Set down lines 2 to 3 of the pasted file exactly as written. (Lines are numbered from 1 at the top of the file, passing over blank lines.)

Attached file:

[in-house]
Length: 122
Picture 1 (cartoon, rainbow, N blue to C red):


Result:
Length: 122
Picture 1 (cartoon, rainbow, N blue to C red):